Our last full day on Grand Bahama dawned much cooler than previous days with temps in the low 60's but the sun quickly warmed us up into the 70's. We took the jeep out to Lucayna NP to walk on some of the trails there before the crowds appeared. Nothing unusual there and we missed on relocating the Barn Owls in their nest hole. The tide was also high when we got there so no luck with marsh birds working through the mangroves. The winds was picking up on our way out there and it they would continue throughout the day which made finding birds a bit tough. Our next stop was over to Owl's Hole Road where we walked for about an hour down through the pine lands and managed to turn up a new species when I found a pair of Cuban Pewees (#1262). No luck finding a Bahama Yellowthroat there despite a lot of effort. Our last stop for the morning was a lunch break and a walk around the trails at Garden of the Groves, which was fairly quiet but still featured some good birds. We then headed back to our lodging to enjoy the remainder of the day. I made a couple of short stops over to the nearby Reef Country Club which added some waterfowl and waders to my Bahama list.
American Kestrel (Bahama race), Reef Golf Course, Grand Bahama, Feb 11, 2017
Belted Kingfisher, Reef Golf Course, Grand Bahama, Feb 11, 2017
Greater Antillean Bullfinch, Garden of Grand Bahama B&B, Grand Bahama, Feb 11, 2017
White cheeked Pintail, Emerald Golf Course, Grand Bahama, Feb 11, 2017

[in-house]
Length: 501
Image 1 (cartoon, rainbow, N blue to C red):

Eurasian Green winged Teal (Common Teal), Emerald Golf Course, Grand Bahama, Feb 11, 2017
Cuban Emerald, Garden of Grand Bahama B&B, Grand Bahama, Feb 11, 2017

Our last day in the Bahamas was spent relatively locally and I started the day just before dawn at the Reef Country Club checking the various ponds and edge before the golfers showed up for the day. Nothing too unusual but got some good looks at some birds as well as a few photos. After about an hour and a half at the country club I headed back to our lodging and the gardens right outside our back door. On my second lap around the small garden I had brief looks at a Bahama Woodstar being chased by a Cuban Emerald and this added a final life bird for the trip (#1263). Yesterday our host (and guide) asked if I wanted to go with her to a couple of other nearby golf courses to try to get some other new birds and I figured, why not? We headed out late morning to the Emerald Golf Course where we found a number of new species on the pond there including White cheeked Pintails, Green winged Teal and Black necked Stilts.  Upon closer examination of the teal it turned out to be a Eurasian subspecies of the Green winged Teal (also known as Common Teal) and may be a first record of this subspecies (likely a full species) on Grand Bahama.  The golf course has been closed since a couple of severe hurricanes back in 2003/2004 and the area has become overgrown providing some great bird habitat. We walked along some paths through the dense vegetation and had a very intriguing yellowthroat that may have been a Bahama Yellowthroat but we never got good enough looks to be sure. Although it was getting near noon and I was looking forward to lunch we decided to make one more stop over to the nearby Ruby Golf Course in the hopes of finding some waders but the pond there was quiet so no luck finding anything new. The rest of the early afternoon I spent more time exploring the gardens at our lodging as well as packing for the trip home. We made it to the port to await the ferry and while there got a message that our flight was already cancelled for Sunday due to another big snow storm back home.